the effects on the planet of fast furniture… flies in the face of the public's increased commitment to sustainability

At the same time, corporates are looking at their sustainable footprint. In the UK, the stalwart of the high street, John Lewis, announced last year that it would be renting out sofas, desks and sideboards from a range of 50 different furniture items5. The shift has been directly attributed to a pitch for a new generation of customers who are used to sharing/renting items such as bikes rather than owning them outright. The British retailer was not the first to broach the idea. IKEA tested out a similar concept in 20196 in a bid to embrace the circular economy, i.e., the idea that goods are constantly reused and reconfigured to avoid them being disposed of. The CEO of Inter IKEA, which owns the IKEA brand, said at the time that the company would have a bigger interest in what happens to the product and that the consumer takes care of it7.

Earlier this year, the minimalist brand Muji launched its own furniture rental business across Japan with four different beds, two tables, three chairs and different types of shelves all available for between one and four years.

Smaller companies are also taking steps to meet sustainability challenges. The bed brand Silentnight has produced a mattress using eco-fibres made from 100% recycled plastic bottles. Another British firm, Sustainable Furniture, sells pieces that are ethically sourced and made to last.


A welcome development

Societal and lifestyle changes that minimise waste going to landfill are to be welcomed. Therefore ensuring that big-ticket items - be they bikes, cars or sofas - can be used by multiple people over the life of the product is also to be welcomed.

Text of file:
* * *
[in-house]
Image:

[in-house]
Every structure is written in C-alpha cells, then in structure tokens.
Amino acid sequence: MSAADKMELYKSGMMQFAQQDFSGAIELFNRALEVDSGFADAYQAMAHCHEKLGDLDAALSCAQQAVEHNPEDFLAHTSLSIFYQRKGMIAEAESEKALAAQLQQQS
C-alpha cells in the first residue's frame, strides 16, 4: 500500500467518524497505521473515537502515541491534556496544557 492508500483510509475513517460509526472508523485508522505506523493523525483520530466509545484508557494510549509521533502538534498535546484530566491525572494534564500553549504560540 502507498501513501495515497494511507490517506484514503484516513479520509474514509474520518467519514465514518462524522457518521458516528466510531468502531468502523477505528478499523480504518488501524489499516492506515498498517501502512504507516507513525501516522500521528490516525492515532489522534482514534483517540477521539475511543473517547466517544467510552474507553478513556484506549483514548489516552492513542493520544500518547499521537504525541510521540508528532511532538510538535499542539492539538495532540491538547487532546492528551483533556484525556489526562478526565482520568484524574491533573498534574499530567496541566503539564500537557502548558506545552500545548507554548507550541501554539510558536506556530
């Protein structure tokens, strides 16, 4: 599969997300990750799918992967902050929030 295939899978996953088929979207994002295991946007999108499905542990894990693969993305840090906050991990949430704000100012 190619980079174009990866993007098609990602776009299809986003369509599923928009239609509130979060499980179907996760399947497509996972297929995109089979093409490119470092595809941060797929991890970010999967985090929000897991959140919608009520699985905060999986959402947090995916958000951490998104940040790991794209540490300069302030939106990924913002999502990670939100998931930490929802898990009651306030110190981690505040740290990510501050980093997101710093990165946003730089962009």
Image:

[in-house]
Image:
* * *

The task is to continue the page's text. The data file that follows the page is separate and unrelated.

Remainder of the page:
At Lombard Odier, we believe that the world needs to transition to a future that is more sustainable and regenerative - a future based on a Circular, Lean, Inclusive and Clean model, the CLIC™ economy.

ensuring that big-ticket items… can be used by multiple people over the life of the product is also to be welcomed

The level of furniture waste that is going to landfill is unsustainable not only for the raw materials the furniture is made of and the related transportation emissions but also for the dumps where they end up. There are of course more sustainable products on the market, but consumers have not been eager to embrace the higher priced items8. That one can now rent one’s furniture appears to solve a number of problems: catering to a transitional workforce; allowing people who do not have the money to buy a home to live in comfort without significant financial outlay; and, crucially, reducing the corrosive impact on the environment of fast furniture.

1 https://www.bloomberg.com/news/articles/2021-02-23/renting-all-your-furniture-means-never-discarding-another-sofa
2 https://www.theguardian.com/business/2016/jan/18/weve-hit-peak-home-furnishings-says-ikea-boss-consumerism
3 https://metro.co.uk/2020/08/26/rise-renting-furniture-why-homeware-rentals-are-becoming-mainstream-13177037/
4 https://news.crunchbase.com/news/mobley-is-now-conjure-raises-9m-seed-for-furniture-rental-platform/
5 https://www.theguardian.com/business/2020/aug/15/never-knowingly-under-leased-john-lewis-moves-to-rent-out-its-furniture
6 https://ecommercenews.eu/ikea-tests-furniture-rental-in-europe/
7 https://www.theguardian.com/business/2019/feb/04/kitchen-for-rent-ikea-to-trial-leasing-of-furniture
8 https://newrepublic.com/article/156208/fast-furniture-environmental-fiasco

Wichtige Hinweise.

Die vorliegende Marketingmitteilung wurde von der Bank Lombard Odier & Co AG oder einer Geschäftseinheit der Gruppe (nachstehend “Lombard Odier”) herausgegeben. Sie ist weder für die Abgabe, Veröffentlichung oder Verwendung in Rechtsordnungen bestimmt, in denen eine solche Abgabe, Veröffentlichung oder Verwendung rechtswidrig wäre, noch richtet sie sich an Personen oder Rechtsstrukturen, an die eine entsprechende Abgabe rechtswidrig wäre.

Entdecken Sie mehr.